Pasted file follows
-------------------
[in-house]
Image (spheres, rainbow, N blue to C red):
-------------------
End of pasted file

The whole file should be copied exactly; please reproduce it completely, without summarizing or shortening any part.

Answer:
[in-house]
Image (spheres, rainbow, N blue to C red):